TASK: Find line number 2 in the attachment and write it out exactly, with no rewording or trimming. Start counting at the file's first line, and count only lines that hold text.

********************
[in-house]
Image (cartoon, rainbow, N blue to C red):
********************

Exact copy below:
Image (cartoon, rainbow, N blue to C red):